Each year in the spring, the daffodils put on a show at my parent’s house in Pitt County. My great-aunt Lottie (born 1895) planted the first ones at the homeplace in the 1930’s. This year, WRAL’s Tarheel Traveler visited during the peak bloom and interviewed my mom and dad. They didn’t give their names nor the exact location, as they get plenty of traffic there anyway. It’s a neat piece. We’ve got many pictures of our own kids in the flowers…hope you enjoy the video!
On March 19th, Sam and I made our annual pilgrimage to Weldon to hook up with some Hickory Shad. I’d like to do more than one trip, but I’m happy just to be able to go! We knew that it might be a bit early in the season, with the high water recently and cool temperatures. However, with a day scheduled off work, and the forecast for a beautiful day, we headed to the river. When we got there about 9:45AM, the river was running ~9000cfs, and very stained. We launched the boat and were quickly on the river. We ran downstream past the water treatment plant and were thinking about going to Troublefield Gut (~2.8 miles downstream on river left, per the NC Wildlife map), but a boat was already there. We ran downstream further, stopping and trying a few places. Not even a bump. River temperatire was 47F per my boat’s sensor. Went all the way down to Halifax (about 10 miles) to see if the water was any warmer or if any fish were there. Nada. Tried the long rods and spinners, no luck. Turned around, and went back upstream. About 12:45PM, we got back to Troublefield Gut and no one was there, so we anchored. I had a couple of bumps and soon caught a white perch. Then, Sam caught a small striper. We were both fishing full sink lines at the time, and were down on the bottom. We then started picking up shad. Not a banner day, but 15-20 fish between the two of us from 1PM to 3:30PM. We switched to sink tips from the full sink lines as the fishfinder seemed to indicate that there were fish 5-6 feet down. Seemed to work, as we both caught more on the sink tips. Interestingly, the water temp warmed to 50F by the time we left, and that might have helped.
As we left, we saw about a half dozen boats near the water treatment plant. Talked to one group, and they said that they’d caught some, but like us it was sporadic.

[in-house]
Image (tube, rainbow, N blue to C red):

We caught all our fish on pink flies (though I’ll make ’em a bit differently sometimes), and didn’t catch anything on the spinners until we changed to pink jigs. So, for us, pink was the color of choice.
Headed for the ramp about 3:45PM, and then back home…
I just left a meeting, and in the post-meeting discussions, I was talking with a colleague about computer security. I wanted to write this down, as I’m getting more passionate about limited functionality, walled garden devices.
I wear the hat (among many others) of managing the UNCG information security office, and I’ve seen the challenges we’ve had coping with the deluge of new threats and system problems of the last couple of months. It’s not just here, but a part of a larger phenomenon. I am much less sanguine, day by day, that we can protect the “organizational” (corporate, university, etc.) general purpose computing device at scale. Sure, you can do a decent job protecting some, but it’s very labor intensive and takes a lot of user education. I talked with my colleague about thin-client solutions being our likely future, and I think that this is true. Now, on to some more radical thinking. I believe we’re seeing the beginning of the end of the general purpose device as the standard end-user tool. As I walked back to my office, I was reflecting on my recent iPad order, and I believe that such devices (the iPad won’t be perfect, but it’s a great example of the class of device I’m describing) are what we’ll be using. Reasonably extensible via easy-to-install applications, and applications vetted by a central entity. Reasonably flexible in what you can do, but very hard to shoot yourself in the metaphorical foot. I believe in net neutrality, and I believe in the need for general purpose devices, but not for everyone. They are complicated, a lot of work to maintain and patch, and far too easy to compromise.
The future is with thin client/tightly managed desktops in business, where it harkens back to my old mainframe terminal days, and for personal computing, cloud-based services accessed via a walled garden appliance. Think about it. It’s coming…
Today’s March 12th, the day to place iPad pre-orders. As you know, I’m a fan of the iPad concept, and am eagerly looking forward to its arrival. Jan is getting a WiFi-only model (baseline 16GB model) and I’m getting a 3G model with 32GB. That means she will get hers first, and I’ll really have a jones for mine in about 3 weeks.